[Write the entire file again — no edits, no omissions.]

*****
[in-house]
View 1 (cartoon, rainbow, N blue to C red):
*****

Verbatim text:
[in-house]
View 1 (cartoon, rainbow, N blue to C red):